LoR Meta Snapshot #15

Welcome to TLG’s newest meta snapshot for Legends of Runeterra, a series in which we give you our insight on the best decks in the higher ranks of the ladder.

Usually, we discuss the decks that are part of the week’s meta and rate them on a scale of 1 to 5 stars. This week, the team has decided to refrain from rating the decks as the meta is still evolving. We didn’t list decks for novelty’s sake, but instead focused on decks that we think will have longevity.

We will be highlighting the decks that we think have potential to become relevant in the meta after the dust has settled. Nonetheless, we have still endeavoured to order the decks according to their current power level. An important theme of this week’s snapshot is that many old decks are still viable and function as a barometer to determine if the new decks can make the cut.

If you have any questions, feel free to drop by our Discord. We will catch you next week for a new analysis.

Editing: Crixuz, Wusubi, Sebodunum, ShadowplayRed
EU Consultants: Dartill, Froggy0, Kuvira, Minuano, Taytwo, Ultraman, Zezetel
NA Consultants: ChristmasTime, Glop, NicMakesPlays, IPingUlisten, Rattlingbones, RiceFT, Saucekay



Nightfall is an aggressive deck with many tools to kill its opponents, but unlike a traditional “Aggro” deck, it can generate enough value to sustain itself in the long run, allowing you to clutch wins in the very late game.

The deck requires a lot of thinking and planning ahead, and it will take some time to master and play properly, as lots of decent plays will be available to you each turn. Manage your resources wisely, get a little creative with Nightfall enablers (the incredibly powerful Stalking Shadows being one of them), and you will be rewarded by this sleeper-OP deck.

Additional notes: This deck is difficult to pilot, as players are used to linear decks that play themselves. Nocturne-Diana forces players to make complicated decisions, such as which follower they should pick with Stalking Shadows and which Nightfall activator to play.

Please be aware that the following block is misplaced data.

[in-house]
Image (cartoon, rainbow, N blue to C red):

The deck also has multiple win conditions, as well as a variety of minions; these include Lunari Shadestalker with Elusive, Crescent Guardian with Overwhelm, Nocturne and Stygian Onlooker with Fearsome. With so many available lines of play, the win condition of the deck is in a constant flux, making for a complex but powerful list.

This versatility is also the reason why we positioned the deck so highly on the list. The ability to adapt your game plan to the deck you are facing is an incredibly rewarding experience for a seasoned pilot. Lastly, unlike the typical Aggro deck, this list has an amazing potential even going into the late game. It always has a way to refuel its hand and you never feel like you are at the mercy of the cards that you draw.



Swain’s threat levels are off the charts, forcing removals and terrifying your opponents at the mere thought of him hitting their Nexus once. With many early game removal cards and the extra damage granted by the kegs, Swain will always be leveled-up. What’s more, you’ll have access to him in the late game thanks to The Leviathan.

Swain-Twisted Fate as a deck is extremely good at crushing the unrefined decks that populate the ladder currently with the Targon expansion. The fact that it doesn’t have a terrible matchup makes it a very consistent deck.

Additional notes: The popularity of Targon means that many decks don’t have a way to answer The Leviathan. Of course, Targon has the ability to Invoke for obliterate cards. Using ASol-Trundle as an example, the fact that they need 14 mana (Starshaping and Supernova) just to deal with The Leviathan works in the favor of Swain-TF.



This deck combines the powerful late game of Aurelion Sol with the amazing early game that Daybreak brings. Play your minions to keep up with Aggro decks, or to pressure control decks. Late game Aurelion Sol is your primary win condition.

Additional notes: ASol-Leona bypasses many of the weaknesses of ASol-Trundle. It has a better curve and doesn’t need to rely on ramp. In fact, the list plays like a Midrange deck and doesn’t submit its win condition entirely to ASol.

The ability to have strong followers to contest the board means that you aren’t forced to have Trundle or Leona to help you stabilize and control the board.